Historical herbaria from Andechs Monastery handed over to the Bavarian State Collection for Botany
The Heimatverein Erling-Andechs has handed over two historical herbaria from the Andechs Monastery to the Bavarian State Collection for Botany (SNSB-BSM) – among them probably the oldest herbarium known so far in Bavaria. The two herbaria were ceremoniously presented on July 2023 to Prof. Dr. Gudrun Kadereit, director of the Bavarian State Collection for Botany and the Botanical Garden Munich-Nymphenburg.
The Bavarian State Collection for Botany can consider itself lucky: It is only thanks to the attentive members of the Heimatverein Erling-Andechs that the two precious herbaria were discovered and their value recognized. The historical treasures came to light in the monastery of Andechs quite by chance during construction work in the attic. They are two historical herbaria, i.e. collections of dried plants glued onto so-called herbarium sheets. The two “Andechs herbaria” date from 1742 and 1878 respectively, making the older of the two probably one of the oldest – if not the oldest – herbaria from Bavaria known to date – rescued by chance in the Andechs Monastery and now expertly preserved and scientifically curated in the Bavarian State Collection for Botany.
The younger of the two herbaria contains plants that, according to the label, were collected by “P. Ambrosius Böck […] in Andechs in the summer of 1878” and contains about 100 pressed plants from the area around Andechs that were preserved in newspapers. The older herbarium is designed in bound book form, as a so-called plant book, and contains 106 paginated pages. Its title “Sylvester de Boricanis ex Castro franco. Anno D’ 1742 Padua Mense Maij” gives clues to the plant collector: Sylvester de Boricani from Castelfranco. The year probably refers to the month and year of the production of the herbarium book in the month of May 1742.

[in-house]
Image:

“It is unlikely that May 1742 means the date of collection of the plants. Among the many plants pressed in the flowering state in this work are quite a few that do not flower in May, such as viper’s bugloss, medicinal zest, and hyssop. It is more likely that the individual plants were collected and pressed over a longer period of time, and only the complete work was completed in Padua in May 1742,” suspects Dr. Andreas Fleischmann, curator of flowering plants at the Bavarian State Collection for Botany.
Three to five plants are pasted on each page in the booklet and provided with a numbered label, which sometimes contains a short descriptive Latin text in addition to the plant name. Predominantly plants from the Mediterranean area are represented, but also some from temperate regions. Some ornamental plants, such as nasturtium, and many medicinal plants, were probably collected in a monastery garden. The plants are largely sorted according to their relationship. The labels indicate the name of the plant, sometimes supplemented by its intended use, e.g. “for medicinal purposes”. This “Andechs Herbarium” is a historical and scientific treasure. In Germany, there are probably only very few copies of such old herbaria: The oldest of these is the Ratzenberg herbarium in the Ottoneum in Kassel, which was established from 1556 to 1592. There are also three even older herbaria in the Göttingen herbarium: The Albrecht von Haller Herbarium and the Plantae Malabaricae each date from 1732-1733, and the Herbarius Vivus, originally from Leiden in Holland, was probably created around 1700.
The Bavarian State Collection for Botany, where the two precious Bavarian plant collections are now housed, is part of the State Natural Science Collections of Bavaria (SNSB). It was founded in 1813 as the “Herbarium Regium Monacense” (Royal Munich Herbarium) by King Max I Joseph and the Bavarian Academy of Sciences, and today comprises more than 3.2 million herbarium specimens – including some very old specimens, some of which date back as far as the late 17th century and were added via historical plant collections. But the “Andechs Herbarium” is now the oldest herbarium that the Munich State Botanical Collection has ever received.
PD Dr. Andreas Fleischmann
SNSB Botanische Staatssammlung München & GeoBio-Center LMU
Tel.: 089 17861 240
Dr. Hajo Esser
SNSB Botanische Staatssammlung München
Tel.: 089 17861 264